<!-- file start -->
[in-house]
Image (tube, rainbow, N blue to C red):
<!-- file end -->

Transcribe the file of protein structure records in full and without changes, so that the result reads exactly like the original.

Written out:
[in-house]
Image (tube, rainbow, N blue to C red):